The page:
US regulators Tuesday unveiled tough new capital requirements for the nation's eight largest banks in the newest move to strengthen the financial system in the wake of the 2008 crisis.
The proposed capital minimums are intended to reduce risk throughout the system and address the so-called "too big to fail" problem, in which the government could be forced into a rescue when giant institutions founder.
But banks said the new requirements would put them at a disadvantage with foreign competitors subject to lower capital standards.
The rules pertain to bank holding companies with more than $700 billion in consolidated total assets or $10 trillion in assets under custody.
The banks affected by the higher requirements are: Citigroup, JPMorgan Chase, Bank of America, Goldman Sachs, Morgan Stanley, State Street, Wells Fargo and the Bank of New York Mellon Corp.
Under the new rules, developed jointly by the Federal Reserve, the Federal Deposit Insurance Corporation,and the Office of the Comptroller on the Currency, the parent companies of the largest banks would have to maintain capital of five percent of their total assets, compared with three percent for smaller banks.
The requirement would be six percent for the companies' banking units.
The standards are higher than the three percent requirement under the Basel III international pact on bank capital and reserve standards.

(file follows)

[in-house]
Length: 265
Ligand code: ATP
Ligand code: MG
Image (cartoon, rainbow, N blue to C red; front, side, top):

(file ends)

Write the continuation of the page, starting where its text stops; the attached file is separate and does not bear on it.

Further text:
Martin Gruenberg, chairman of the FDIC, said the higher capital requirements were needed because a three percent ratio would not have prevented the unsafe growth in leverage among big banks in the years preceding the 2008 financial crisis.
The greater requirements would place additional private capital at risk before public funds would be used, Gruenberg said.
"Maintenance of a strong base of capital at the largest, most systemically important institutions is particularly important because capital shortfalls at these institutions can contribute to systemic distress and can have material adverse economic effects," Gruenberg said.
Frank Keating, president of the American Banking Association, criticized the measure for imposing stiffer requirements on large American banks compared with their foreign counterparts.
"Raising capital is not without cost - it means higher funding costs for loans and that fewer loans will be made," Keating said in a statement.
"Doubling the capital requirements adds little protection, and may adversely affect the level and cost of credit that's so vital to continued economic expansion."